The killing fields: villagers are horrified and baffled by spate of sheep shootings

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Nick Boyles will never forget the sight that greeted him as he went to inspect a field of ewes and newborn lambs on his Oxfordshire farmland earlier this month.

Nick Boyles will never forget the sight that greeted him as he went to inspect a field of ewes and newborn lambs on his Oxfordshire farmland earlier this month.

"There was blood everywhere. A maniac had been walking among them shooting with a rifle. Some lambs had holes in them as big as the back of your hand."

Seven lambs and three ewes were shot in the field close to the village of Horton-cum-Studley, north-east of Oxford.

The slaughter has been repeated on at least six occasions in neighbouring fields on the Oxfordshire fenland that is Otmoor. More than 70 animals have been killed or injured during the past month.

The apparently indiscriminate killing has caused alarm and distress among the region's network of picturesque villages and within the local farming community. As well as fears that the gunman could turn his weapon on a human, there are the outstanding questions of who is responsible and why is he doing it.

Oxfordshire police have become so concerned that they have set up night time patrols and have been trying to reassure residents with a mobile control room in Horton-cum-Studley. But despite the heavy police presence the killing goes on. In the most recent incident last Monday, eight more lambs were killed. The shooting started on 9 April, when a dozen lambs were found dead.

Mr Boyles, whose family has been running a livestock farm near the village of Worminghall for three generations, has had his lambs killed on two occasions and has now moved all his animals to fields further away in Buckinghamshire.

"Everybody is worried - when you have got a bloody maniac running around shooting with a rifle it is bound to cause a lot of concern," he said. "Not a soul around here has got the faintest idea who it is and why they're doing it. It's a total mystery.

"It started out of the blue and it is still going on. The big concern is that he will move on to other targets and start going for people."

The shooting is always during the hours of darkness. The gunman - the police believe it is a lone man - often parks up on the side of an isolated road and behind the cover of flowering hawthorn hedges fires randomly at the sleeping animals. He is believed to have shot from the roadside as well as wandered among the sheep shooting with the high powered rifle, probably a 2.2 calibre.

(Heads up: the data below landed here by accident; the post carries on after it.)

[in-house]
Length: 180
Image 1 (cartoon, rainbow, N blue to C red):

Despite suffering dreadful wounds, some of the animals have survived their injuries. Mr Boyles has one five-year-old ewe that was shot through the thighs of her front legs, who has nearly recovered and is about to be returned to the flock.

On one occasion villagers from Horton-cum-Studley heard the sound of gunfire and went to investigate only to discover the killer had fled, leaving behind a field of dead animals.

One theory is that that the gunman has developed a taste for the butchery and the resulting publicity in the local press and television. He or she appears to have struck shortly after any fresh news coverage.

The main target for the gunman has been the farmer Colin Badger who has begun moving his 600 ewes and 1,000 lambs out of the fields. He said: "I'm at my wit's end."

Police investigations have failed to uncover any feuds or long-running hate campaigns that could explain why Mr Badger is being singled out. Almost everyone speaks highly of the farmer, describing him as a "popular, gentle man", who has been devastated by the shootings.

A 42-year-old man who has lived in the area all his life said: "Colin Badger is one of the most respected people around. He wouldn't say boo to a goose. I can't believe anyone would have a vendetta against him. Whoever is responsible must be a very sick person."

An elderly woman who lives in Horton-cum-Studley, which has becoming increasingly populated by Oxford dons, company directors and wealthy retired people from London, said she was frightened to go out at night while the shootings continue.

"Nothing like this has ever happened around here before," she said.

Timothy Hallchurch, the district and county councillor for the village and surrounding area, said: "Every time a vehicle moves at night I go and have a look to see who it is."

He said one problem was that because the village's only shop and post office had closed, and the pub was now an upmarket hotel and restaurant, there was no focal point for local residents to meet and discuss the shootings.

"It makes it difficult to find out what people are feeling," he explained.

In response to the killings the police, who have described the shootings as "despicable", have set up Operation Jorton and have a team of detectives working on the case.

A police spokesman said: "We have no idea why these farmers have been targeted. It's worrying because you have an a series of isolated communities and there is someone out there willing to wield and use a firearm. It is a priority for us to find who is responsible."

A 53-year-old man living in a nearby village was arrested in connection with the matter a week ago and has been released on bail.

The RSPCA is offering a reward of £1,000. Inspector Doug Davidson said: "I think it is somebody who either thinks he is Rambo, has got a grudge against the farmer or the countryside.

"Whatever, he seems to have got a taste for it."

Rural mystery

* 9 APRIL: Twelve lambs shot dead in field near Horton-cum-Studley, north-east of Oxford

* 21 APRIL: Ten lambs and a ewe shot dead

* 23 APRIL: Eleven lambs shot dead; 10 injured and subsequently put down

* 1 MAY: Seven lambs shot dead and three ewes injured. One ewe has died.

* 7 MAY: Six lambs hurt

* 9 MAY: Twelve lambs killed